Texas involvment in Slavery

One of the most unique
situations during the period of the Civil War in America was
the involvement of the state of Texas in the Confederacy.
Although it was once its own Republic separate from the
United States of America through annexation, Texas was not
entirely unique when it came to the institution of slavery. Just
like in all other southern states, slavery, and the use of slave
labor, was a major factor of the states agricultural economy.
During the years around and through the Civil War, Texas
became a home for many transient southerners in search of
sanctuary from the almost enviable furthering of
emancipation. Long before the war, Texas had been the
stomping ground for runaway slaves enroute to Mexico and
in search of freedom. The state of Texas was not only one of
the new frontier territories toward the west but it became
one of the final places in America were slavery was
practiced. Because of its geography much of Texas
remained untouched and unsettled. Many adventurous
plantation owners felt it necessary to keep news of the war
and emancipation from their slaves as much as a year after
the end of the war.(Campbell 249) The topic I have chosen
for my research to discuss the history of slavery in Texas
during the years of the Civil War. How the institution was
altered because of the Civil War and the process by which
emancipation was handed to black -Texans is the focus of
my report. I would like to uncover how and why slave labor
was used to both protect the state, the Confederacy and the
institution that held the future of the American Negro forever.
Well before the beginning of the Civil War, Texas and some
of its surrounding territories were property of Spain just like
its southern neighbor, Mexico. Soon after realizing their
particular suppression by Spain, Mexico fought for, and won
its independence from its mother country. Mexico now had
control of their country and the territory of Texas. As more
Americans moved west and into Texas it became evident
that there was going to be a continued clash between
Mexico and the white frontiersmen who quickly flooded
certain areas. The American government wanted to purchase
this valuable land but eventually it was taken by American
frontiersmen where it was declared its own realm. Fearful of
the loss of power if allowed into the Union, Texas expressed
in 1836 the right to join the Union under the condition that
Texas would have " free and unmolested authority over their
slave population"( Goodell P.278) Unable to come to an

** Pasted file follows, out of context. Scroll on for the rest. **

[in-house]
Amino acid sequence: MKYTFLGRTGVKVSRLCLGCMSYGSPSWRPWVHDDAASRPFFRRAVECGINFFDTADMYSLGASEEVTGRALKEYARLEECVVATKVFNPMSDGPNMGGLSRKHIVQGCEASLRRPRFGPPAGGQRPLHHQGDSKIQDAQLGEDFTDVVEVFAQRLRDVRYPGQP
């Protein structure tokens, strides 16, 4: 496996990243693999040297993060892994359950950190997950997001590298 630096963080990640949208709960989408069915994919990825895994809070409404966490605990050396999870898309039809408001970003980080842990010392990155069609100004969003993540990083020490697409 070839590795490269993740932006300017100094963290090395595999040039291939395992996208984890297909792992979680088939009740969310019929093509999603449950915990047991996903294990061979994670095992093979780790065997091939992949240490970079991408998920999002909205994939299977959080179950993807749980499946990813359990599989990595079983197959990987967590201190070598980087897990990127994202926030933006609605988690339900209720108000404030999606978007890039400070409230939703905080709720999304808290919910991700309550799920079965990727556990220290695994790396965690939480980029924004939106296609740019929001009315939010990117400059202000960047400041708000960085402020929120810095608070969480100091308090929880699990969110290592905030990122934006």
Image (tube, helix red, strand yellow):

agreement with the rest of the United States, Texas became
recognized as independent from the United States of
America. Although it was separate from the rest of the
United States politically, Texas was becoming more and
more similar to the rest of the South as Northerners moved
into the state and brought their position of anti-slavery with
them. Worried about the future of slavery in Texas, many
slave owners petitioned the immigration of Northerners and
expressed concern that the state might be overrun by pro-
abolitionists. Texas had a history richly imbedded in slavery
and there was little opposition from many of its original
inhabitants. Before long, continued tension between the
Northern states and the slave states began to strengthen as
more people in the North began to desire that the entire
country move towards complete emancipation. Many
citizens and leaders in Texas approached the legislature in
Texas to provide reasoning as to why Texas should continue
to be a slave state. Many of these Texans quoted the bible
as a reference and reasoning as to why it was "right" that
they continue to use "heathen" and "inferior" blacks as labor
for the superior "white dominant" masters. Like all whites in
the South many in Texas feared slave uprisings and revolts
as word of Northern slave emancipation traveled into the
border areas of Texas. Lynch mobs hung and killed people
they thought were pro- abolitionists who were organizing
anti-slavery groups and uprisings. Texans were firm in their
position that no one was going to destroy their God-given
right to have slaves and keep them. Fearful of the power of
the North over the Southern states, many states began to
consider the idea of secession as a means of both protecting
their economy and slave- aided lifestyle. When secession
from the Union started, Texas declared its position and
joined the Confederacy after declaring its secession from the
United States of America. Knowing the peculiarity of
Texas\'s situation there was ample room made by the state in
these declarations for it to seceded from the Confederacy if
it realized a better position in the near future.